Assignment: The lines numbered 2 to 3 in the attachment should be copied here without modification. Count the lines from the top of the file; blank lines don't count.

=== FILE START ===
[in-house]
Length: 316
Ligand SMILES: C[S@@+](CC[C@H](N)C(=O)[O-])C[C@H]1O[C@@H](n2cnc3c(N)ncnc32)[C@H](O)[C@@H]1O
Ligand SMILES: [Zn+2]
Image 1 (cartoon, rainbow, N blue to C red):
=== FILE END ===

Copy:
Length: 316
Ligand SMILES: C[S@@+](CC[C@H](N)C(=O)[O-])C[C@H]1O[C@@H](n2cnc3c(N)ncnc32)[C@H](O)[C@@H]1O